It has now been about two months since I touched down in Paris and began my semester-long study abroad adventure. During the past 65 days, I have learned many things, experienced many phenomena, and gained a lot of confidence in myself and my ability to navigate this city. As a study abroad student, there is one notion that I continue to experience: I find myself sometimes feeling like a true local, and sometimes feeling like the ultimate tourist.
I feel like a local when I take the metro. I know how to read the intricate metro map in order to get to my destination. I know to leave extra early on snowy days because the metro cars will be significantly more packed than normal. And I know that I need to refill my month-long metro pass called a “Navigo” before the first of the month in order to avoid the long lines.
I feel like a local when I sit down at a café and order a “café au lait” and draw/read/write. And I feel like a local when I wear black clothes, like most Parisians do, or attend my classes, or give someone directions.
All of these things make me feel at home here, like I know what I’m doing and I am fitting in.
I also have days where speaking the French language is extra challenging, or when I get confused in a cheese shop and don’t know how to answer a question, or I get lost, and I am reminded that I will probably never be a true local- one who is completely used to this city. But, I don’t think that is a bad thing.
I used to be embarrassed when I would stop to take a photo of a beautiful view, because I didn’t want others to peg me as a tourist. I stopped worrying about that when I realized that I never want this city to lose its sparkle for me. When you move to a country for a limited amount of time, life becomes about taking in all that you can while you are there. Knowing my time is limited in Paris has allowed me to treasure everything to the greatest extent. I love being touristy and trying all types of cuisine and going to all of the monuments and museums and taking a bunch of photos! I also love living like a local- speaking French, studying at libraries, taking the metro, drinking coffee. I love experiencing this city in both of these ways.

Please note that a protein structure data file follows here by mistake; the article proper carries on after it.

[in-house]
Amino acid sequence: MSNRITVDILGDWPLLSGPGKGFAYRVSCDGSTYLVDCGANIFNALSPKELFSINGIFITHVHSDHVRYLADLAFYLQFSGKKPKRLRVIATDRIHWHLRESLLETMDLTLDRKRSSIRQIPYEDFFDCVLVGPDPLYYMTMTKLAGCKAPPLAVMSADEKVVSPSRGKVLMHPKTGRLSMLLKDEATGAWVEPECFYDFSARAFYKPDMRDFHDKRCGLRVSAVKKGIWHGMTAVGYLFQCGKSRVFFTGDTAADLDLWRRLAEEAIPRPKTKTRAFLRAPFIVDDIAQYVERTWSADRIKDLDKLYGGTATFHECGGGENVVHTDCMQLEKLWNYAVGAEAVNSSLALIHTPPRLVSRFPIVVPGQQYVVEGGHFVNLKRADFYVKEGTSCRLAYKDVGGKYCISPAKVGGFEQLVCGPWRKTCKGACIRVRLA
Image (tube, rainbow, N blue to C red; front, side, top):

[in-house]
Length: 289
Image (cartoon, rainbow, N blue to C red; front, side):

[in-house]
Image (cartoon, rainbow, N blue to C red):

Being a study abroad student gives you access to a unique perspective which allows you to simultaneously fit in and observe from afar. The outsider perspective allows studying abroad to be amazing and breathtaking. The insider perspective is what allows studying abroad to sometimes feel mundane, the way home does. Both feelings should be embraced and appreciated.
As a tourist, I am amazed every day by the sight of the Eiffel Tower on my way to class. As a local, I know where the cheapest grocery stores are around my apartment. I will never be fully a visitor, nor fully an inhabitant, of Paris. I will always be somewhere on the spectrum.
I no longer suppress the urge to take lots of photos on my daily adventures in Paris. I embrace the occasional judgmental glances with the knowledge that I am fully appreciating the city that I am so lucky to be studying in.
Studying abroad allows you to be a hybrid of both tourist and local. I believe taking the best aspects from each perspective allows study abroad students to thrive in their cities. The awe and curiosity from being a tourist, along with the practical knowledge that comes with being a local sounds like a good combination to me.
For this reason, and many more, I urge students to take the opportunity to study abroad, if possible. There aren’t many other chances that we are given in our lifetime to experience other places and cultures quite like studying abroad. Fill out the forms and scholarships and experience life somewhere else. Thrive in a different city. Be a tourist. And a local.
The world awaits…discover it.